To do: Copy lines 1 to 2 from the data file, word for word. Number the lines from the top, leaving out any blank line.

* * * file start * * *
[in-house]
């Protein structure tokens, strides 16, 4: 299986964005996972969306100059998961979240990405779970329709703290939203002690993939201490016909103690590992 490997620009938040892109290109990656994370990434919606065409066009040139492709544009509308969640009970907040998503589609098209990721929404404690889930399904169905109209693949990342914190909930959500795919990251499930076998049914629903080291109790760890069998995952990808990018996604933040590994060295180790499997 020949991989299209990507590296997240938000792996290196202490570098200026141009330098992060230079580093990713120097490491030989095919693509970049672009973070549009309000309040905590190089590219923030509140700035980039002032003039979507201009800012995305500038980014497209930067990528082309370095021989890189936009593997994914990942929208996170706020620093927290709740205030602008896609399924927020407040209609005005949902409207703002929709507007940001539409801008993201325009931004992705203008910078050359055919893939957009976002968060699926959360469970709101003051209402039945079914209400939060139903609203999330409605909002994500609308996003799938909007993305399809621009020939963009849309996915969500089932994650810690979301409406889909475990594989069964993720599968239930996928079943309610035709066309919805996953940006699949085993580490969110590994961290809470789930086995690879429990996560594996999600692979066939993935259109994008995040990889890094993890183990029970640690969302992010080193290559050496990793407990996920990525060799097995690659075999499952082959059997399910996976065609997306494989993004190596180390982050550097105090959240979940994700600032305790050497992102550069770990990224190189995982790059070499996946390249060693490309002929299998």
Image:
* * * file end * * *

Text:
[in-house]
């Protein structure tokens, strides 16, 4: 299986964005996972969306100059998961979240990405779970329709703290939203002690993939201490016909103690590992 490997620009938040892109290109990656994370990434919606065409066009040139492709544009509308969640009970907040998503589609098209990721929404404690889930399904169905109209693949990342914190909930959500795919990251499930076998049914629903080291109790760890069998995952990808990018996604933040590994060295180790499997 020949991989299209990507590296997240938000792996290196202490570098200026141009330098992060230079580093990713120097490491030989095919693509970049672009973070549009309000309040905590190089590219923030509140700035980039002032003039979507201009800012995305500038980014497209930067990528082309370095021989890189936009593997994914990942929208996170706020620093927290709740205030602008896609399924927020407040209609005005949902409207703002929709507007940001539409801008993201325009931004992705203008910078050359055919893939957009976002968060699926959360469970709101003051209402039945079914209400939060139903609203999330409605909002994500609308996003799938909007993305399809621009020939963009849309996915969500089932994650810690979301409406889909475990594989069964993720599968239930996928079943309610035709066309919805996953940006699949085993580490969110590994961290809470789930086995690879429990996560594996999600692979066939993935259109994008995040990889890094993890183990029970640690969302992010080193290559050496990793407990996920990525060799097995690659075999499952082959059997399910996976065609997306494989993004190596180390982050550097105090959240979940994700600032305790050497992102550069770990990224190189995982790059070499996946390249060693490309002929299998």